Same-sex marriage is a hotly debated topic right now. Part of the debate is on how marriage is defined and who ultimately gets to define marriage. Opponents of same-sex marriage define marriage as a religious institution that is recognized by the state. Proponents of same-sex marriage define marriage as a legal agreement only. Laws governing the definition of marriage are currently decided by individual state legislatures. The federal government weighed in on the subject when it passed the federal DOMA (Defense of Marriage Act) in 1996. Various courts have also impacted marriage laws by striking down or upholding the defense of marriage laws around the country.
On the opposition side marriage is defined by biblical terms as one man and one woman. This side sees the state’s purpose as conferring legal rights to couples who enter their religious institution of marriage. They think the state has no right to define marriage outside of their religious belief. In their view, allowing same-sex marriage would violate their protection under the Free Exercise Clause. People on this side of the same-sex marriage debate prefer the state legislatures to pass laws with a narrow definition of marriage. They fear the judicial branch overturning these laws and to prevent that from happening, thirty states, have passed constitutional amendments banning same-sex, beginning with Nebraska, Alaska, and Nevada in the late 1990s. After the highest court in Massachusetts ruled that the state constitution guaranteed same-sex couples the right to marry, federal law makers, with the support of President Bush attempted to pass a constitutional amendment banning same-sex marriage but failed to get the needed two thirds majority.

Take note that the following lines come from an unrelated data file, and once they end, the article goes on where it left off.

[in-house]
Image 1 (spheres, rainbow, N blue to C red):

Proponents believe the state’s purpose is to give equal rights to all regardless of their religious beliefs. This side sees marriage as a legal contract between any two people who wish to enter that type of contract. They believe the Establishment Clause should prevent any state from endorsing a religious definition of marriage. There have been recent victories in thirteen states through court rulings, legislative action, and popular vote. People on this side of the issue would like the Supreme Court to overturn the federal Defense of Marriage Act. The high court may hold the key to